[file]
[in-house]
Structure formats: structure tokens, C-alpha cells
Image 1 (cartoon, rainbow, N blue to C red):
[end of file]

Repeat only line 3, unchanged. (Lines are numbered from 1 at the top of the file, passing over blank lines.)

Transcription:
Image 1 (cartoon, rainbow, N blue to C red):